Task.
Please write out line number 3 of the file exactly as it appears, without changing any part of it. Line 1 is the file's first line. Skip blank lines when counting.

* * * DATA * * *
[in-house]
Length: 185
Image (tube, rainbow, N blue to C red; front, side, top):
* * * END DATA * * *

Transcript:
Image (tube, rainbow, N blue to C red; front, side, top):